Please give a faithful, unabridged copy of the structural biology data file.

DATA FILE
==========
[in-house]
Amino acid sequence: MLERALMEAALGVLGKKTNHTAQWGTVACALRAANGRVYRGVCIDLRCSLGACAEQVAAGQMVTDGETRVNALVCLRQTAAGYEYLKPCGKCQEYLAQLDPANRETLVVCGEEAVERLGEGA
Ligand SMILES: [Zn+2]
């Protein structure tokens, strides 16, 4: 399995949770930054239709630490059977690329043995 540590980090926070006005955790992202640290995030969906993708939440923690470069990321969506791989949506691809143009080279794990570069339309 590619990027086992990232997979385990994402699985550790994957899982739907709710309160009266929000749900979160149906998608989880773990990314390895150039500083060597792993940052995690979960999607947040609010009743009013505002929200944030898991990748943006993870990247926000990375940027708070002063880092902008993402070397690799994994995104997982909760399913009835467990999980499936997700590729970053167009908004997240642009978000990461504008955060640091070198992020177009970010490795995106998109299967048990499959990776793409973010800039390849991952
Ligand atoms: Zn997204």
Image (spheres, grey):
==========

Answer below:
[in-house]
Amino acid sequence: MLERALMEAALGVLGKKTNHTAQWGTVACALRAANGRVYRGVCIDLRCSLGACAEQVAAGQMVTDGETRVNALVCLRQTAAGYEYLKPCGKCQEYLAQLDPANRETLVVCGEEAVERLGEGA
Ligand SMILES: [Zn+2]
């Protein structure tokens, strides 16, 4: 399995949770930054239709630490059977690329043995 540590980090926070006005955790992202640290995030969906993708939440923690470069990321969506791989949506691809143009080279794990570069339309 590619990027086992990232997979385990994402699985550790994957899982739907709710309160009266929000749900979160149906998608989880773990990314390895150039500083060597792993940052995690979960999607947040609010009743009013505002929200944030898991990748943006993870990247926000990375940027708070002063880092902008993402070397690799994994995104997982909760399913009835467990999980499936997700590729970053167009908004997240642009978000990461504008955060640091070198992020177009970010490795995106998109299967048990499959990776793409973010800039390849991952
Ligand atoms: Zn997204």
Image (spheres, grey):